RFNA is a pain to handle in the field, and it has worse performance than N2O4, but it has a much lower freezing point than N2O4, which freezes at -9.8 C. This high freezing point eliminated N2O4 from use in missile systems, which needed to work without warming up in cold conditions. Like, say, Russia. Or Alaska. Since early space launch tech had substantial missile heritage (where it wasn't just a re-purposed ICBM), it's no surprise that many early space launch vehicles found themselves using RFNA as an oxidizer somewhere. The switch to N2O4 in space vehicles (and Titan II) was motivated by specific impulse, since temperature wasn't a concern for such systems in the same way it was in a missile.

The reason for early use of WFNA in the AJ-10 can be attributed to historical weirdness. There's no reason to use WFNA over IRFNA-III, but IRFNA-III had only been somewhat decided as the superior acid in 1957, and the engineer in charge of that choice was probably either A: a bit weird, or B: not as well informed as they should have been. Or both.

Oh, and N2O4 is also nasty to handle in the field. Those clouds of NO2 fumes that RFNA produces come from the N2O4 that it contains.  N2O4 forms an equilibrium with NO2 at room temperature, so you get a lot of NO2 vapor. It wins over early RFNA on handling not because it's easier to handle, but because it doesn't corrode the tanks it's put in, and therefore can be loaded at the factory. Or at least, it won this until 1951, when IRFNA was invented and the whole issue became moot.

Thanks for the answers! I've read Ignition before, but it's been a few years. After reading your post, I now remember the bit about the corrosion problems with RFNA and the discovery of IRFNA via the addition of small amounts of HF, but I had totally forgotten about the freezing point concerns in tactical missiles. Perhaps this shows that I should give it another read in the near future...

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1 hour ago, Cunjo Carl said:

Technological inertia is surprisingly strong in rocket science.  I wonder if it's because rocket science so expensive and difficult, people try to cling to whatever works!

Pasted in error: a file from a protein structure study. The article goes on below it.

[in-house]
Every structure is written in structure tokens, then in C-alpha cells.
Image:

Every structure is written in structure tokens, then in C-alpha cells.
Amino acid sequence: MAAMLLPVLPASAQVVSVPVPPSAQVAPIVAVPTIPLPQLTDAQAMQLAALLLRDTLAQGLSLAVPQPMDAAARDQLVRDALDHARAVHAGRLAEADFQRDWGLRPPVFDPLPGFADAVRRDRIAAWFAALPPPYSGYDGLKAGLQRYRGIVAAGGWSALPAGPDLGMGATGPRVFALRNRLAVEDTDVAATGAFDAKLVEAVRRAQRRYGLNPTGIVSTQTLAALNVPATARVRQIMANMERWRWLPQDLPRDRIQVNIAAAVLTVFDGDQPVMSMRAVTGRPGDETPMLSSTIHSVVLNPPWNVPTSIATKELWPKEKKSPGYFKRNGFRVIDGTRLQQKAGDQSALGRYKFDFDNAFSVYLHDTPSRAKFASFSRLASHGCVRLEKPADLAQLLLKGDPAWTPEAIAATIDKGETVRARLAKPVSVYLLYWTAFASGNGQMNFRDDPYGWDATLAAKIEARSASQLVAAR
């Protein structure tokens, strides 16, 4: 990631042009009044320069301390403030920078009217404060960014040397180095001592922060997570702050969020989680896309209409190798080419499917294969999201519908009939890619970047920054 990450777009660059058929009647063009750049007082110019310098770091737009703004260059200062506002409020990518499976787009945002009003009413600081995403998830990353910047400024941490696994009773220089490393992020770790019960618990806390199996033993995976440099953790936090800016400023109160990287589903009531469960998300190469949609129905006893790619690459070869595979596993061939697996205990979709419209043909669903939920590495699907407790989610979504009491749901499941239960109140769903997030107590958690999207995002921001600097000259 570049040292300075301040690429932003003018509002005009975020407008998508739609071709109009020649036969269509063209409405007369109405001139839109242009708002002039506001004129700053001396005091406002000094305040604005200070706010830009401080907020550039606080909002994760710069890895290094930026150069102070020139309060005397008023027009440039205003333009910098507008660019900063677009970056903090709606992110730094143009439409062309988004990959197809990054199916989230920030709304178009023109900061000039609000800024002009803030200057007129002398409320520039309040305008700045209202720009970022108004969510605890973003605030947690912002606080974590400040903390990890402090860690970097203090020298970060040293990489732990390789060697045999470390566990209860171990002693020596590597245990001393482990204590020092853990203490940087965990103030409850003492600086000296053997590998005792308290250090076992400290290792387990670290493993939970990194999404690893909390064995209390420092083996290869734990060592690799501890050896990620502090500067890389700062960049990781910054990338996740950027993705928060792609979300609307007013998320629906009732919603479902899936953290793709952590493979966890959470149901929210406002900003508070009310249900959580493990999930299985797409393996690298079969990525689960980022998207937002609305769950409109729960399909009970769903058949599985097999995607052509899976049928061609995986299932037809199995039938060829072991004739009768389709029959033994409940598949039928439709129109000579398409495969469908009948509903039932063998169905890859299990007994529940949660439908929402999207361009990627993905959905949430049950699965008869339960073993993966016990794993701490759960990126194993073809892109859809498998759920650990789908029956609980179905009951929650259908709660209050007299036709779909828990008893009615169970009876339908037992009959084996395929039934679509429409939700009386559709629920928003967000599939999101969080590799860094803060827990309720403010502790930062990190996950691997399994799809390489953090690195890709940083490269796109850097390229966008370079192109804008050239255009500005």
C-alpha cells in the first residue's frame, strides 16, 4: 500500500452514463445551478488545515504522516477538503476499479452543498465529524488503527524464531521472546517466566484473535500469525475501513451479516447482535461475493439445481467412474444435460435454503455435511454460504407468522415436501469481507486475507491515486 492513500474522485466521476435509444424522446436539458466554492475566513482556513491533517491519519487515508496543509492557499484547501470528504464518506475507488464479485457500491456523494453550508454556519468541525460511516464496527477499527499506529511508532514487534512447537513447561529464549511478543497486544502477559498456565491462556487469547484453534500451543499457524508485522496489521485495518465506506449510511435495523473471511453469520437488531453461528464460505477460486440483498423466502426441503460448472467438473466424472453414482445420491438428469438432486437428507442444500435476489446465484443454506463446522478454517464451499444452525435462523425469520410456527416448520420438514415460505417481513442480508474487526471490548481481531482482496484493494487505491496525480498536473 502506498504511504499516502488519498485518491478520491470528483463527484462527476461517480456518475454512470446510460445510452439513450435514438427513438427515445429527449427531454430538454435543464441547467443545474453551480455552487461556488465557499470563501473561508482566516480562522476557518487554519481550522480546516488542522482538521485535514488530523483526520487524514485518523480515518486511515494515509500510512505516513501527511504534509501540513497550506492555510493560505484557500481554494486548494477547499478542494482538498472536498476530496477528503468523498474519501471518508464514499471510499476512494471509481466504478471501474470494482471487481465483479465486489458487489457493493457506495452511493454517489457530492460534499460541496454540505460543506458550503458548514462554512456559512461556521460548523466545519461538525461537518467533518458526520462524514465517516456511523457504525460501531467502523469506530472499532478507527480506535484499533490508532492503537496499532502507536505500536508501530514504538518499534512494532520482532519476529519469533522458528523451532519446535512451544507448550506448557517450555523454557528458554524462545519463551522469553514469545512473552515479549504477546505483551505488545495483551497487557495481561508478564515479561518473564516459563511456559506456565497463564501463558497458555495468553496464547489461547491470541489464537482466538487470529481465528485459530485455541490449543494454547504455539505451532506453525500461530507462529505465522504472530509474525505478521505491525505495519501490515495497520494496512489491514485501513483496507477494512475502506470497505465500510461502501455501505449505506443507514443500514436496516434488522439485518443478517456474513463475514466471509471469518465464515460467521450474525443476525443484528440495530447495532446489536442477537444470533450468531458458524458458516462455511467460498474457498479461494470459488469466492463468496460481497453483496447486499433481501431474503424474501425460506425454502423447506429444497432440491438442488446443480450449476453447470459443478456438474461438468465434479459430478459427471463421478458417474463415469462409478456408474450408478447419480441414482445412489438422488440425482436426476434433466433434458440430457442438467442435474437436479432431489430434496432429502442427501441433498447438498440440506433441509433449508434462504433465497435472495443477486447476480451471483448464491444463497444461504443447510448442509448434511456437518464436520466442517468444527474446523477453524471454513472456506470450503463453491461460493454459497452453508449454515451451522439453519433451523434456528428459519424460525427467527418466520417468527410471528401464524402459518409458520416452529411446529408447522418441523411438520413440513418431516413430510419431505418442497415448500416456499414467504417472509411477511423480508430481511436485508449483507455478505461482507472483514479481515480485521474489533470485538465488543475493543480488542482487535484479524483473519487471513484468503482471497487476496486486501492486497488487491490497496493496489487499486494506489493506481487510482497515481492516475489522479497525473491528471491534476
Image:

That, and infrastructure. Rockets require lots of expensive infrastructure that's often very sensitive to small changes in the design of said rockets. Tooling, test stands, transportation infrastructure, integration facilities, tracking systems, launch facilities, range support...

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7 hours ago, Silavite said:

 

Thanks for the answers! I've read Ignition before, but it's been a few years. After reading your post, I now remember the bit about the corrosion problems with RFNA and the discovery of IRFNA via the addition of small amounts of HF, but I had totally forgotten about the freezing point concerns in tactical missiles. Perhaps this shows that I should give it another read in the near future...

Indeed. At one point USN wanted an oxidizer rated for -100° F.

Also, oh dear, I’ve left the forum for a week and it has a dislike button now.

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40 minutes ago, DDE said:

Also, oh dear, I’ve left the forum for a week and it has a dislike button now.

Hm, may have something to do with the date...

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2 hours ago, DDE said:

Also, oh dear, I’ve left the forum for a week and it has a dislike button now.

At probably, it will disappear tomorrow.

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2 hours ago, kerbiloid said:

At probably, it will disappear tomorrow.

Hmm, April Fools?

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1 minute ago, Ultimate Steve said:

Hmm, April Fools?

According to "Dislike Reactions" thread, yes.

P.S.
Or maybe tomorrow it will create dislikes, lol.